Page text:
PATERNO is a superb TV movie about the impact of the Jerry Sandusky child sex abuse scandal on the legendary sports coach Joe Paterno - who was Sandusky's boss and became implicated in - at the very least not acting quickly enough when he became aware of the abuse - and at most - a cover-up. Paterno and his football programme had been responsible for elevating - arguably funding - their host university - and this film goes beyond looking at the personal emotional reaction of "JoPa" to the impact the scandal has on the wider community. For British people, it's almost surreal seeing the seriousness with which college sport is taken in the USA and the riots that break out in Paterno's defense are quite shocking. It is no wonder that this unhealthy elevation of a single aspect of college life to almost godlike status has created an environment in which the powers that be will be reluctant to besmirch the sport's character - even at the risk of child safety.
All of this is deftly handled and emotionally powerful thanks to assured direction by Barry Levinson (RAIN MAN) - an even-handed script by Debora Cahn (THE WEST WING) and John C Richards (NURSE BETTY) - and a powerful central performance by Al Pacino. It's the first time in years that Pacino plays someone other than himself. Instead of the much parodied voice inflections and large character we get a Paterno who is old, unsure of himself, out of touch and both sympathetic and infuriating. This ability to give a nuanced performance - to create a character that we feel deeply ambivalent about - is rarely seen but I guess Pacino just needs the material to motivate him.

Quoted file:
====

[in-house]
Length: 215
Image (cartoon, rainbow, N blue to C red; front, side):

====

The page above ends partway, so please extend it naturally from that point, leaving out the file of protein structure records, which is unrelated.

PATERNO has a running time of 105 minutes. It was released by HBO in April 2018. In the UK it's available on Sky On Demand.
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